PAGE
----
Pay as you go
This is an interesting strategy. Charging spectators at a cross-country event is an alien concept to most running events. We are all used to turning up at races, ducking under race tape, running across the course, coming and going as we please.
This is about to change this coming December as Dublin proposes to charge an entry fee into the European Cross Country championships.
It’s no minimal charge or loose-change throw into a bucket either. At €20 it is a ‘considered purchase’, sure we agree that it is still a lot less than most football clubs charge for what is only 90 minutes of entertainment, and said 20 euros will get you almost six hours of racing and support events. Still, we have to remember a couple of other factors here. There will be no warm seating, the weather could well be inclement, will there be shelter, and what’s more the race will be televised on BBC TV. So, how can the AAI justify this entry fee?
As quite rightly pointed out in a commentary piece in last week’s Athletics Weekly many teams will have made the long trek and spectators will attend anyway. However, it is those spectators that make the decision on the day, those youngsters that wish to see some international cross country. Yes, AAI are offering discount to €10 and yes we agree at MST that to ensure that the sport flourishes in the future this action is a positive move to ensuring that funding is strong and the professionalism of events continues to strive to match that of sports such as football, which let’s face it are all battling for the consumers’ £/€…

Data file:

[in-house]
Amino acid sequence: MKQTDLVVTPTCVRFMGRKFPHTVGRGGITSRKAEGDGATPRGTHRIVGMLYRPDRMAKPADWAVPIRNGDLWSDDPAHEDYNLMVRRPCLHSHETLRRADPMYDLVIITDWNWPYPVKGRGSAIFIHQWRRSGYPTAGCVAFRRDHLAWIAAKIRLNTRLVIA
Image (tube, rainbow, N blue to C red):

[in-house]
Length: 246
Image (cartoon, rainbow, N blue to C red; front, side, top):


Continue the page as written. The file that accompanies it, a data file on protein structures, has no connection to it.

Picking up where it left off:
We admire the AAI for trying to raise the bar physically and with regard to people’s perceptions of the sport. If additional funding is required to do this, then it is right to charge and entry fee, whether the €20 fee is a justifiable price is another discussion. One thing is for sure, if event and race organisations are to make this unprecidented step then there must be a return for the consumer, the organisers cannot merely roll out the old “challenging economic times” chestnut, as Marketing officer Clare McKoy does on behalf of the organisers.
There must be a tangible benefit other than an organisation or federation arguing that funding of said event needs to be part-met by the consumer, and it is right because other sporting events do it? There has to be added value, the 2009 Spar Euro Cross in Dublin needs to be the greatest European XC champs ever, and then some – otherwise this could be the thin end of a very big, costly wedge.